I have a policy request application, or is my policy request approved? GetPendingPolicyRequests Implied for policy requests where the status is other than approved
Get me the details of policy request number VehPolicy001. GetPolicyRequestDetails Policy Request Id – VehPolicy001
Get the status of my life insurance policy request. GetPolicyRequestStatusByType Policy Request Type – Life
Get policy document number Policy0101 issued this year. GetPolicyDocument File Name – Policy0101 and lastmoddate – current year
Schedule a site-inspection visit tomorrow. ScheduleSiteVisit Inspection Date – Tomorrow

The LUIS service provides a Web application at in which a LUIS application model can be created visually for the problem at hand. Figure 3 displays the LUIS model configured for this scenario.

The LUIS Model for My Scenario
Figure 3 The LUIS Model for My Scenario

 The intents, entities and utterances identified in the previous step can all be created in the LUIS application. Use the Intents menu to add the intents and the Entities menu to create the entities. Note that there are two special kinds of entities:

  • Hierarchical entities: In this case, the “Insurance Policy” is created as a hierarchical entity, the parent, with the various types, Life, Vehicle, Home and so on, created as the children.
  • Pre-built entities: I used a pre-built, LUIS-provided entity called Datetime. Input parameters such as the year a policy document was generated, or the date when a site inspection visit is scheduled, will be mapped by the LUIS engine to these pre-built entity types.

The entity with the name “Keyword” will be used to perform a full text search in the policy documents index in Azure Search.

Now, select the New utterances tab and create utterances for each of the conversations identified previously, and label them.

For each utterance, identify or label the intent and the associated entities. For example, In Figure 3, I mapped the utterance, “get me the status of my life insurance policy request,” to the intent “GetPolicyRequestStatusByType,” and mapped the text “Life Insurance” to the hierarchical entity “Insurance:life.”

Repeat this step to add other variations, such as when the policy type is Vehicle, Home or General. Also, consider variations where the same request could be made in a different way. However, you don’t have to capture every permutation and combination of ways the same message might be conveyed. For example, when I add a new utterance with the phrase, “show me the status ...,” as shown in Figure 4, LUIS could rightly interpret that as a variant of the previous one, which used “get me the status ….” LUIS made the right suggestions on the intent and the associated entities, even though the question was asked in a different way.

Labeling LUIS Utterances and Handling Variations
Figure 4 Labeling LUIS Utterances and Handling Variations

After each utterance is captured, the LUIS application provides the option to Train the Model. This results in the AI engine in LUIS generating optimized models that can then be used by client applications. This step should be repeated whenever new utterances are labeled or changes are made to existing ones.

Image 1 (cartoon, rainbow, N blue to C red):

Publishing the LUIS model allows client-side applications to invoke it, using a REST API. The publish dialog in the application also lets you test the model to ensure it works as expected. Figure 5 shows how to quickly test the LUIS model by passing in a conversation phrase and viewing the output in the browser. (For convenience, Figure 5 shows the snapshots from three different invocation of utterances and the corresponding results side by side.)

Testing the LUIS Model
Figure 5 Testing the LUIS Model

Notice that the intent recommended by LUIS has the maximum probability value assigned to it, and appears first in the list. The entities that were extracted from the phrase are also returned in the response. If there are multiple entities identified in the utterance, they’re returned, as well. You can see how the LUIS model interprets terms like “this year” in the utterance phrase, maps it to a pre-built entity “Datetime” and returns the value “2016,” which the client application can directly use.

Creating the Bot Application

Now that the LUIS model is ready, it can be used in a bot application. Download the Visual Studio 2015 Template from to create the application. (Visit to learn the basics of building a bot application and how to use a bot emulator to build and test the bot locally.)

The project created when using this template is a variant of an MVC project. The entry point to the project is MessageController.cs, which processes incoming messages from channels like Skype or Slack, and sends back the responses.

The LUISDialog for the Bot Framework is used to implicitly pass messages from the bot to the LUIS model. For each of the intents implemented in the LUIS model, a corresponding method is implemented that can be called directly when the bot application is running. This obviates the need for custom code to call the LUIS REST APIs to interpret the conversation and to identify the intent and entities.

The LUIS application Id and the secret values are used to decorate the class-level attributes, namely LuisModel. The LuisIntent attribute is used on the method that provides the implementation when that intent is encountered in the user request. This is all that’s required to get the LUIS integration going in the bot. Figure 6 depicts how this is implemented in code.